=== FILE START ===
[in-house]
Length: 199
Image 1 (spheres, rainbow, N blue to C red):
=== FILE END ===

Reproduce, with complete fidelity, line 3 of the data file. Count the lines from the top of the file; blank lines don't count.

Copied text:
Image 1 (spheres, rainbow, N blue to C red):